In Robert Bly's "The Sibling Society," the poet compares modern society to "Jack and the Beanstalk." Jack is running from the giant and the giant's wife hides him in a cupboard. As parents giving our kids over to television and computer games and movies, we are acting not as the giant's wife, but as another parent, one that rips open the cupboard doors and says, "Here he is!" The kid entertainment industry -- like the tobacco industry -- is the giant, in Bly's view, a force of evil, a disrupter of play and learning and discovery.
With that context, it's heartening to see that Sony is taking such good care of the personal information of the children it counts among its customers. The Federal Trade Commission is suing Sony for for collecting and disclosing personal data about 30,000 young children without informing their parents, Bloomberg reports.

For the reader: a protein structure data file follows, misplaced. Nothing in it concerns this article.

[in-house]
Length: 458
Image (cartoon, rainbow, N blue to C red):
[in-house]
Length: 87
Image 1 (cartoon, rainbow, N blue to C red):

"Sony Music collected, used and/or disclosed personal information from children without first providing their parents with notice of its information practices," the complaint says.
Rumor has it Sony will settle for $1 million and a compliance officer.
According to the FTC, Sony Music collected information from more than 30,000 children under age 13 since 2004, despite claims that young visitors wouldn't be allowed to register. Collected from kids: names, addresses, mobile phone numbers, e-mail addresses, dates of birth, ZIP codes, usernames and gender.